These correct “feature for feature” arguments notwithstanding, IF a large company wants a bunch of PC’s that meet a certain minimal spec for their specific needs (like the government agency I USED TO 🙂 work for) and if company D does or will make a computer that meets that spec at X price but Apple does not offer computers at exactly that spec but has a ‘similar’ one – even with more ‘bells and whistles’, better build quality, better OS 🙂 more inputs, firewire, Bluetooth/Airport etc. etc. etc. for 200 more (and company D also has an “equal spec” computer available at that 200 increased price point) – the Mac is still a “more expensive” choice for THAT company.

      We need to be careful what we are really looking at. “Feature for feature” is not some great equalizer if all feature options are not covered by both companies.

    6. These correct “feature for feature” arguments notwithstanding, IF a large company wants a bunch of PC’s that meet a certain minimal spec for their specific needs (like the government agency I USED TO 🙂 work for) and if company D does or will make a computer that meets that spec at X price but Apple does not offer computers at exactly that spec but has a ’similar’ one – even with more ‘bells and whistles’, better build quality, better OS 🙂 more inputs, firewire, Bluetooth/Airport etc. etc. etc. for 200 more (and company D also has an “equal spec” computer available at that 200 increased price point) – the Mac is still a “more expensive” choice for THAT company.

      We need to be careful what we are really looking at. “Feature for feature” is not some great equalizer if all feature options are not covered by both companies.

      Well, actually the Mac is NOT a choice for that company, unless it chooses to provide equipment that is restricted to those specs. That’s not an arena Apple has chosen to play in. But as far as a pure pricing comparison goes, the only fair way is the feature-for-feature comparison.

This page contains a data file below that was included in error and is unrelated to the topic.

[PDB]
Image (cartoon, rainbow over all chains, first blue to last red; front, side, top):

Peace,
      Gene

    7. [

      “But that’s also a good thing. It helps Apple keep Mac prices competitive, although there are still far too many people who believe the PC is cheaper, when equipped similarly. But that’s not an attitude that’ll probably change any time soon — or ever.”

      I’m afraid I do believe this, Gene. Reason: any other computer manufacturer can simply put their product together, as you say, from the parts bin, and simply slap their name on the case. Paying Miscrosoft a license to use Windows is the closest they will ever come to paying research and development costs. Apple, on the other hand, needs to fund a very substantial r. & d. enterprise, which means, in effect, putting a surcharge on every computer they sell. We Mac users, recognizing that Apple needs this to create all the good things that make a Mac a Mac, grin an bear it (although I admit that if I were a purchaser for a corporation, government agency, or school district, I might not be so philosophical about paying this surtax).

      To test your ‘surtax’ theory, I just priced out a Dell Inspiron XPS M1710 on Dell’s website (http://configure.us.dell.com/dellstore/config.aspx?c=us&cs=555&l=en&oc=MLB1713&s=biz). After upgrading the RAM, hard drive, and a couple of other odds and ends to match the specs of Apple’s 17″ MacBook, the Dell cost $3449 vs. $2799 for the MacBook. Note that I even downgraded the OS from Windows Business to Home Premium, knocking an extra $100 off the price of the Dell.

      From this little experiment, it would seem Apple’s surtax is a negative amount in the range of $650-750. 🙂

      SteveP raises a good point about enterprise customers, who generally like to spec out PC systems to control costs. They also like to have commitments from OS vendors like Microsoft on long-term technology roadmaps, another area in which Apple will not currently accomodate them. From my perspective though, the perceived cost reductions are mostly, if not entirely, illusory, since the management costs of large networks of PCs are significantly higher than those of equivalent networks of Macs.

    8. Dana Sutton says: